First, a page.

Chapters

Coming to college, I was sure that I would be able to handle my diabetes all on my own. It had been 12 years, I had been to sleep away camp, traveled to Europe, and grown up with this. Type 1 diabetes (T1D) had never been a huge burden in my life and I did not expect much to change when I moved out. However, after just one week, I humbled up. I could tell right away that this was a new life. My numbers were fluctuating from 400 to 50 within hours, I was lethargic, drinking juice constantly, and changing my pump site almost every day. The worst part was that no matter how hard I tried, I could not crack the code. I was testing my blood sugar more than ever, counting my carbs as best as I could with the new mysterious dining hall food, exercising… you name it. There seemed to be nothing that I could do.When I moved in, I jammed four months of every diabetes supply possible in tall plastic drawers that I hid in the back of my closet. I knew that I had to tell my new friends about diabetes, but I...

"Failure": Make it Count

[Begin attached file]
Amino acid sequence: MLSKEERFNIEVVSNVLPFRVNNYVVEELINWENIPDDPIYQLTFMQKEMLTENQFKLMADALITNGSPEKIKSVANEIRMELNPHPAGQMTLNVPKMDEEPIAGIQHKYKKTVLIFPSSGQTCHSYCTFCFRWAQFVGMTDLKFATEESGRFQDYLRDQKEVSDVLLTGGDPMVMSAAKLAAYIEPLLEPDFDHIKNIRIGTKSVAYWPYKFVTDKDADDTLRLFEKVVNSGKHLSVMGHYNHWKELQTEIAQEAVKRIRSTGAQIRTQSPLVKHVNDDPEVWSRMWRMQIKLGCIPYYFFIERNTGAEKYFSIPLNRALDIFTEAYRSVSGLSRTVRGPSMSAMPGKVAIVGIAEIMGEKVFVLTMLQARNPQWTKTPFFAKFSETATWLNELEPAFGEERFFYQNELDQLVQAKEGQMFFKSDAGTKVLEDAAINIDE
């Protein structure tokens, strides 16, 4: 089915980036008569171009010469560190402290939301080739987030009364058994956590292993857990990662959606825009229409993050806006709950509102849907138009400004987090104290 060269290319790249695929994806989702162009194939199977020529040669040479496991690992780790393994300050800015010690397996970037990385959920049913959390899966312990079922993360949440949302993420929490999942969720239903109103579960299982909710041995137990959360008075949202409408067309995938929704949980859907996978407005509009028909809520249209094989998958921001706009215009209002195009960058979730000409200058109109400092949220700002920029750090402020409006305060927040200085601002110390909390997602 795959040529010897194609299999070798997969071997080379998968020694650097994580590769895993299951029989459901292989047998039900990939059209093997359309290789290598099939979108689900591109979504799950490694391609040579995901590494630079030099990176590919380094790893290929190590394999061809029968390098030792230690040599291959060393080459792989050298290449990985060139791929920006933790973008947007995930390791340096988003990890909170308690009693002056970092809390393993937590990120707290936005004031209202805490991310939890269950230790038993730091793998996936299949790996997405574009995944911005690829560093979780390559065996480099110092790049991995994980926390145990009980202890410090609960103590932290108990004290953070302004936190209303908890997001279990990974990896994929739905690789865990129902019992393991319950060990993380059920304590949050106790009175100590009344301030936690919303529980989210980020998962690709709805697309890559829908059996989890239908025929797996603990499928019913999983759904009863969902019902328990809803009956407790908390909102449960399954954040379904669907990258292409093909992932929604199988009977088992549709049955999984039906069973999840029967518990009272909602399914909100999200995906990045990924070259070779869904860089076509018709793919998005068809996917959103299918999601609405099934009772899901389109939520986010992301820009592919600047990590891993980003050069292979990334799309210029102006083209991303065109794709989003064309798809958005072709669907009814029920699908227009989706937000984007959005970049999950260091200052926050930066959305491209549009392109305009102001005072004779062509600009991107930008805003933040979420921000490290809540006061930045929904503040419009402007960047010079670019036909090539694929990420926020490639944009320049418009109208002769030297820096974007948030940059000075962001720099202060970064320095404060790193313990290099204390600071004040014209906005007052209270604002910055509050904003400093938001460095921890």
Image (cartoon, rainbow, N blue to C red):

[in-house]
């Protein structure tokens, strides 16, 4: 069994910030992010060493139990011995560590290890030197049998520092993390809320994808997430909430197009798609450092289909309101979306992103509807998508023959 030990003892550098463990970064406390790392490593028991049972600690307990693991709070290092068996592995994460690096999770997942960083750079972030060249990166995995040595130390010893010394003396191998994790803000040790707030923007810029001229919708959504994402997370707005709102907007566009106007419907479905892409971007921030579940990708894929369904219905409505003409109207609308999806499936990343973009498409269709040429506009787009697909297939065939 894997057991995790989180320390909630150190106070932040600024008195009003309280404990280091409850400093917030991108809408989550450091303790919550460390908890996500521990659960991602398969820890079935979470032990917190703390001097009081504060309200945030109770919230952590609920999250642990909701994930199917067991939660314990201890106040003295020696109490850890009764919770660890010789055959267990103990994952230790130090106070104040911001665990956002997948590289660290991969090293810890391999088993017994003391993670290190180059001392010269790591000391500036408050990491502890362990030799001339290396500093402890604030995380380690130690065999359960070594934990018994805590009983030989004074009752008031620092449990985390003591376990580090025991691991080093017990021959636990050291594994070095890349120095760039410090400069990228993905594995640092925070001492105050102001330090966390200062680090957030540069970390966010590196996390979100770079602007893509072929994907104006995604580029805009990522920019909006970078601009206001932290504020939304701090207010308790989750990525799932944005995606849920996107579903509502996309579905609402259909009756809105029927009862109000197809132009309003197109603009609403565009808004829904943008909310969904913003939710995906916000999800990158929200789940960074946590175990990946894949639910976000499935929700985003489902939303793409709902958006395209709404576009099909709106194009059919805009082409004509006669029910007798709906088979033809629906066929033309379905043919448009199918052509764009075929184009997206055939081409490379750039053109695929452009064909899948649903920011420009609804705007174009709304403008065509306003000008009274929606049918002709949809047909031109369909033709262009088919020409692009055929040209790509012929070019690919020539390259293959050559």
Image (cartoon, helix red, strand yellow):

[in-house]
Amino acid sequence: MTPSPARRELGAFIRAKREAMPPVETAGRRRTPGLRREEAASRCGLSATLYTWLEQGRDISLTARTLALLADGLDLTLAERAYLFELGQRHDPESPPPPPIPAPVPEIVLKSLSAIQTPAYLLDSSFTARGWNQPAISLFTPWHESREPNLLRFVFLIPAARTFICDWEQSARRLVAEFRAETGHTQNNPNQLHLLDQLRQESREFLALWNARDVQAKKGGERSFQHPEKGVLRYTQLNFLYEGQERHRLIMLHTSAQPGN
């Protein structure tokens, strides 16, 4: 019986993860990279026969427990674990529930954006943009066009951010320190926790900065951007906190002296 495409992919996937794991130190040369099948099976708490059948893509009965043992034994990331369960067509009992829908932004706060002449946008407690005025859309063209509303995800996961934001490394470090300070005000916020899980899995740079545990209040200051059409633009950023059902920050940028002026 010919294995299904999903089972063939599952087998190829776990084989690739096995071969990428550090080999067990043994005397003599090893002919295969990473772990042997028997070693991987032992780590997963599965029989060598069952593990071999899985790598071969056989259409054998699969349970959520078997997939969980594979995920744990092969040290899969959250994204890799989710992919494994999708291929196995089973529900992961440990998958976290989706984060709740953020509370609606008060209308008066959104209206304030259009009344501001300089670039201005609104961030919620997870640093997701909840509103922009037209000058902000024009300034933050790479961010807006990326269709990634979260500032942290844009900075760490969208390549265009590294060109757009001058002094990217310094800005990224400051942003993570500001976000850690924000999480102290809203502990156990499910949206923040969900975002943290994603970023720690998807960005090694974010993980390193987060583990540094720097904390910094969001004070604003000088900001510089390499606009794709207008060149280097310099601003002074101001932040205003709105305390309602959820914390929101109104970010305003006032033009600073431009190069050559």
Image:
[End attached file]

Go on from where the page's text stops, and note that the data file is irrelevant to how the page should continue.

Failure. It was my biggest fear and still is, to be honest. That was my biggest challenge throughout the whole process. Letting my family, my friends, our Chapter, the College Diabetes Network, and ultimately letting myself down is what scared me the most and even now. It is a constant thought that pounds through my mind a lot in my everyday life with everything that I do. It’s not something that you can get rid of or just ignore, but it’s a matter of what you do with that fear.This December marked my 16th Diaversary. That is 16 years out of my 21 years of living with type 1 diabetes (T1D). I’ve made it this far and it’s scary to think of what awaits me in the future. Mostly, because living with T1D is a lot to deal with. It is a job and it’s difficult to portray the severity that comes with it. Most people don’t and can’t understand all that comes with T1D. This is exactly why I’m passionate, why I will pursue a profession related to working with young people with T1D. I know exactly how it is. I know how aggravating it can be, how you...